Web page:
Customer Experience Best Practices

Effective CX may be easily recognized, but execution can still be troublesome. It is the measure of all customer interactions and people, systems, technology, and processes behind the scenes that allow and facilitate these experiences.

And since CX is at the nexus of your company, image, customer engagement, purchases, and customer care, designing your brand around your customer takes exceptional teamwork and commitment. Think of CX as an intangible chain connecting all transactions into a single whole, with the end result being a happy customer who will remain loyal to your company.

What’s the ROI? While you may understand precisely how much you have spent on developing your customer experience, it can be hard to quantify the results of that initiative. Yet, the Customer Experience Drives Revenue Growth research by Forrester found that customer experience implementation has achieved 17 percent average over five years cumulative revenue growth. During this same timeframe, the CX underperformers achieved just 3% growth. Murphy & Murphy further reports that a 2% rise in customer retention correlates to a 10% reduction in costs.

Beginning with the consumer feels like the logical choice, but companies still approach CX and digital transformation from an expense-cutting or efficiency viewpoint, and this rarely contributes to a desirable customer experience.

Exude customer empathy. Adopting an external approach embodying customer wants is a central element in the development of user experience, but it also extends to CX activities.

Develop a useful and friendly customer experience and really look at things through the customer’s eyes.

This type of work can be approached via varying methods such as:

  • Stakeholder interviews
  • Focus groups
  • Qualitative and quantitative research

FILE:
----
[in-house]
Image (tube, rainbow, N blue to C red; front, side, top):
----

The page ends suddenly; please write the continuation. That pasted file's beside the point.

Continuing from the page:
• Social insights

Take a comprehensive approach. Efficient customer experience is designed with a purpose that takes into account all the various points of contact and activities that the customer undertakes. Good CX is systematic, deliberate, and coherent.

Be agile. Due to the multi-faceted disposition of customer experience, continuous refinement and innovation are required to deliver the desired outcome. Agile development means a constant harmonization and concentrates on speed, efficiency, measurement, and trust in the executing staff. The aim is to be purposeful for as far as you can see down the road.

Motivate workers to find a solution. Good CX begins with informed staff who can easily get to the root of any customer problem immediately or with limited interactions.

Be guided by a balanced set of parameters. Measurements have to serve the customer from the get go. All too often, though, it is clear to the consumer that metrics often represent the interests of the company. Metrics should concentrate mainly on comprehensive problem solving and customer satisfaction, then take organizational performance goals into consideration.

Recognize your market’s distinctive support issues. A smart tactic is to analyze and define the primary customer service issues within a given sector—such as lengthy shipping time for components—then work to improve, reduce, or eliminate internal blockages.

Allow for CX to become an integral part of your organizational culture. This is significant, since customer service representatives (CSRs) may only be as effective as management mandates.

The Key Performance Indicators (KPIs).

Customer Effort Score (CES): CES is a customer-centered KPI that shows you how the service you provide is perceived by your customer. The primary concern with the CES score is how easy or difficult it is for a customer to resolve their issue. Customers don’t want to put in a lot of work to get a question answered or a dispute addressed. In simple terms, a high CES score shows that customers believe it’s easy to receive the service they need, when they need it.

Net Promoter Score (NPS): Initially developed by Bain & Company in 2003, NPS calculates customer loyalty.

Customer Satisfaction Score (CSAT): CSAT is another common customer-centric KPI. In using CSAT, the consumer is asked to assess the product or service by assigning it a number between 1 and 10. The median score is shown as an overall number.

Voice of the Customer (VoC): This metric aggregates the customer’s feedback and opinions on your goods or services. It also reflects consumer interests, expectations, knowledge, and product development.

Satisfied customers are at the core of every successful company, so it’s important to provide the service they expect. Make customer feedback a priority and analyze the stories behind your KPIs. The less work a customer is expected to do to get their needs met, the more loyal they’ll be.